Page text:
University of Minnesota researchers have electrically transformed the abundant and low-cost non-magnetic material iron sulfide, also known as “fool’s gold,” into a magnetic material that could be the first step in creating valuable new material...

– University of Minnesota College of Science and Engineering

Science Advances


FSU engineering researchers harness wind data to help meet energy needs in Florida

Florida is one of several states in the Southeast where wind energy is virtually nonexistent, which is one reason wind farms have not been an economically viable energy source in the region. But a new study from the FAMU-FSU College of Engineering s...

– Florida State University

Applied Energy


New Algorithms Could Reduce Polarization Driven By Information Overload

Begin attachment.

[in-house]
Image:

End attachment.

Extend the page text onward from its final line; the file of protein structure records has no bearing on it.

As the volume of available information expands, the fraction a person is able to absorb shrinks. To break this cycle, computer scientists say we need new algorithms that prioritize a broader view over fulfilling consumer biases.

– Rensselaer Polytechnic Institute (RPI)

arXiv.org


VIDEO AND TRANSCRIPT AVAILABLE: Alzheimer’s Blood Test: An expert panel with WUSTL, RUPress: July 28, 3PM EDT

Alzheimer’s Blood Test: An expert panel with WUSTL, RUPress: July 28, 3PM EDT

– Newswise


ORNL-produced plutonium-238 to help power Perseverance on Mars

Mars 2020 will be the first NASA mission that uses ORNL-produced plutonium-238, the first U.S.-produced Pu-238 in three decades. ORNL's Pu-238 will help power Perseverance across the Red Planet's surface.

– Oak Ridge National Laboratory


Engineers find thinner tissues in replacement heart valves create problematic flutter

Iowa State and University of Texas engineers have developed computational models of replacement heart valves to examine the performance of biological tissues built into the valves. They found thinner tissues create problematic flutter.

– Iowa State University